Entourage: Ceremony of Dreams: Studio Sessions and Outtakes, 1972-1977 Review

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Entourage: <i>Ceremony of Dreams: Studio Sessions and Outtakes, 1972-1977</i> Review

The members of the Entourage Music and Theater Ensemble, better known as simply Entourage, had rather lofty goals for their art. As guitarist Wall Matthews explained in a video promoting the release of this collection of unreleased material by the group, their intention was to play music “free of cliché” that would blend together elements of their interests in jazz, world music, classical and folk in a manner that would strip away “all the elements that would make that identifiable as those types of music.” Entourage wanted, in other words, to make music the world had never heard before.

Heard today, it takes no effort to find the threads tying the group’s two studio albums and this three-CD/single LP set of unreleased material to contemporaneous artists of the early to mid-’70s. Their work isn’t far afield from that of composers such as Michael Nyman or Simon Jeffes (Penguin Cafe Orchestra) or much of the sounds coming out on the ECM label. When you get deep inside a conceptual bubble, it’s easy to think that no one else could do what you’re doing.

Which is not to say that the members of Entourage were blind to what was going on in the world. Saxophonist Joe Clark formed the group initially to snap up a weekly gig at a nightclub in his native Baltimore. The sound, according to the notes provided by critic J.D. Considine, was an early fusion jazz experiment, complete with occasional poetry readings and a rock rhythm section that doesn’t sound too far afield from what Miles Davis and Rahsaan Roland Kirk were attempting during the same period. After that ended, Clark later joined up with drummer Joe Smith and viola player Rusty Clark, and with them luxuriating in the NEU!-like psychedelic sprawl that would make up their untitled 1973 album.

The bulk of this collection comes from the third iteration of the band, which introduced Matthews and bassist Terry Plumeri into the fold. As heard on 1976’s Neptune’s Rising, these two gents helped tether the other players to the ground so they could float and fly around, secure in their safe return to solid ground. The second disc of the three CDs features outtakes from that album and the third is made up of music that was recorded for an intended third album and a commission from the Royal Danish Ballet.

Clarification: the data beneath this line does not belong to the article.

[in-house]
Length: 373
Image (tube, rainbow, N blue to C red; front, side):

That feeling of protected exploration is not only where the other half of the Entourage’s full name comes into play—they were often joined on stage by modern dancers who would improvise choreography in response to the music—but also key to how the ensemble succeeded in their other intended objective. According to Matthews, the music was meant to evoke “the state between waking and sleep, the dream state.” While the songs featured on this set have some clear guidelines and a sense of structure, they still come across as sparks of inspiration made as a response to the ever-evolving, slithery quality of the images that the brainstem playing before the mind’s eye.

Matthews’ work, especially when he’s on electric guitar, hides his undoubted virtuosity on the instrument. His playing is foregrounded, but it is there to add definition and balance rather than draw focus away from the rest of the players. It’s mainly the Clarks that set the melodies and tone for each piece here. So much of that comes down to the timbres of their instruments (Joe Clark’s chosen horns were e-flat and b-flat soprano saxophones), those high keening notes which naturally rise above the fray. But they are also responsible for the hallucinatory yaw of these pieces. On songs like “Soft Fist” or “Millbrook,” Matthews settles into a steady finger-picked pattern while the two Clarks take turns wafting into the corners of the frame like steady lens flares.

While his contributions are key to the studio albums, Smith’s percussion isn’t a major factor in much of this set. But when it does appear, most often in the music Entourage did for a balletic take on the story of Cleopatra, it is the perfect subtle seasoning to an already lavish meal. His rolling drums are the stiff-backed pose of “Miliary Music” and his delightfully dizzying cymbal and snare runs on “Temple of Whales” feel like being given an extra spin in a game of “Pin The Tail On The Donkey.”

And that’s what should never be forgotten about the story and music of Entourage, one that was sadly given a hard stop by the death of Joe Clark in 1983 and Rusty Clark three years later. As serious as they clearly took their playing, the music never lost its sense of playfulness and joy, with an inviting quality that draws people in to respond to it with movement or their own instrumental contributions. It’s an entourage you want to be a part of.

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